Pls correct me if my explanation is wrong.

For 14n/60 to be an integer, n only needs to be a multiple of 30. But the same logic holds even in that case. As a multiple of 30, it already has 2,3,5 as factors For 7 to be a factor (next smallest prime), n would need to be 210 which is not possible Hence the answer is 3.

Yeah I think my answer would have been wrong if the question was n<220 ... in which case I would have considered 30

The lowest prime number, 2, is also the only even prime number. 2, 3, 5, 7, 11…

Every number is made up of at least one prime factor, except for the number 1.

Every number that is not a prime can be broken into prime factors.

Of course this is very basic, but it is important to keep in mind when factoring larger numbers. For instance if we take the number 60 we can see that it is comprised of the factors 4 x 3 x 5. Notice that 3 and 5 are both primes, however 4 is not. A number that is not a prime can always be broken down into more than one prime number, whether those number or numbers are distinct. Therefore 4 can be broken down to 2 and 2.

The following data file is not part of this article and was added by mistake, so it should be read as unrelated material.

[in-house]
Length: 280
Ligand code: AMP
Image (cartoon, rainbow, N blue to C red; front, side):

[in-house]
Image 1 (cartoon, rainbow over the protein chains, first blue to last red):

When taking apart larger numbers sometimes a factoring tree can be helpful. (The U.S. emphasizes this skill and thus it comes naturally for those schooled in the U.S. ). With a large number sometimes the easiest way to approach it is by dividing by 2 if it is even, and if odd, knowing the divisibility rules for 3, 5, etc.

Let’s take a random number, say 136. We can start dividing by 2 as follows: 136/2 = 68, 68/2 = 34, 34/2 = 17. Now we have the prime factors. Three ‘2s’ and a ’17.’ Sometimes a question, such as the question in the thread, will ask for distinct or different primes. In the case of 136, the distinct primes will be 2 and 17.